'Garm Hava' (1974) is the latest film to join the league of classic old movies that are being re-released as the reel restoration work moves a step further
In 2012, a documentary titled 'Celluloid Man' released and this captivating film highlighted the sorry state of film archives in our country. Turns out those responsible for the rise of Hindi cinema — unlike our counterparts in the West — didn't care much about preserving movies after having made their share of money.
A still from MS Sathyu's 'Garm Hava', which is often credited with heralding a new wave of art cinema movement in B-Town. The film details the slow disintegration of a Muslim family and is one of the most poignant films ever made on India's partition
Regardless, in the recent past, there have been periodic instances where classic ol' films were restored in order to be shown at film festivals. And if that wasn't encouraging enough, the trend of restoration and preservation took a forward leap as several old films are being restored and pursuing a Friday re-release in theatres. With 'Garm Hava' being the latest entrant to this growing trend, hitlist checks out the others from this category...
Director: Ramesh Sippy
Lowdown: While most Hindi classics don't get preserved — let alone restored — Sholay went a step ahead of its peers in 2013. The film was not only restored but also converted to 3D, thus becoming the first Hindi film from the past to have a 3D re-release. Although the technical advents were appreciated by critics, the effort didn't score impressive BO figures.
'Garm Hava' (1974)
Director: MS Sathyu
Lowdown: India's official entry to the Oscars, this groundbreaking film in the parallel cinema genre heralded Farooq Shaikh's acting career. Exactly 40 years later, this Friday, the audience will get a chance to revisit the times when arthouse cinema was beginning to making its presence felt.
"The greatest challenge we faced while restoring the film was to enhance the quality of the picture and sound without touching the content. Tricky as the entire process was, the end result is something we are quite proud of," said RD Deshpanday of Indikino Edutainment, the company responsible for the restoration of Garm Hava.
Director: K Asif
Lowdown: If only all Hindi classics were treated the way this Dilip Kumar and Madhubala-starrer was! In 2004, the black-n-white film was restored as well as colour corrected before being re-released. Like Dilip Kumar, who missed the original film's premiere but attended the restored print's first show, loads of cinephiles queued up for a glimpse.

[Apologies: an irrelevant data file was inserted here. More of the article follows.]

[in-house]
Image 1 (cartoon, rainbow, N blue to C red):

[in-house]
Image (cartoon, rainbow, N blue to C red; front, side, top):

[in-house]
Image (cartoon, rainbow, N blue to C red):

'Jaane Bhi Do Yaaro' (1983)
Director: Kundan Shah
Lowdown: There's no denying the fact that very few Indian films enjoy a cult status like this comedy does. No wonder why the makers — apparently without the director's knowledge — decided to digitally restore the film. The new print was released in November 2012 with oodles of admiration from critics and the audience alike.
'Chashme Buddoor' (1981)
Director: Sai Paranjpye
Lowdown: When the news of this movie's remake emerged, there was palpable disquiet among the makers of the original film. But it so happened, along with David Dhawan's remake, a digitally restored print of Chashme Buddoor was released on the same Friday in 2012. This development delighted cine-lovers but didn't set the box office coffers ringing.
'Salaam Bombay!' (1988)
Director: Mira Nair
Lowdown: It's sad when a film of this stature doesn't make it to most of the media — or social media, for that matter — when it's being re-released. This Oscar-nominated masterpiece was restored and re-released but the buzz was so tepid that a majority of cinegoers weren't aware of this development, which might explain the low footfall in 2013.
Director: Kamal Swaroop
Lowdown: When hitlist spoke to the director on the eve of the film's release, he was simply relieved to see what was going on. After all, his quirky project took about 26 years to earn a Friday release in 2014 although it was being shown at film schools and festivals until then. And the best part was the film was restored with all the visual nuances intact, making it a worthwhile watch.
The National Film Development Corporation of India (NFDC), which has been active on the restoration and preservation front, released a DVD collection of digitally restored films in 2012.
'Mirch Masala' (1987) and 'Suraj Ka Satvan Ghoda' (1992)
It included titles like Govind Nihalani's Party (1984), Ketan Mehta's Mirch Masala (1987), Sudhir Mishra's Dharavi (1992) and Shyam Benegal's Suraj Ka Satvan Ghoda (1992).